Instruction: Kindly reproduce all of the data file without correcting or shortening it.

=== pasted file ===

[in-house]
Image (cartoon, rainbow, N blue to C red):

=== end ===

[in-house]
Image (cartoon, rainbow, N blue to C red):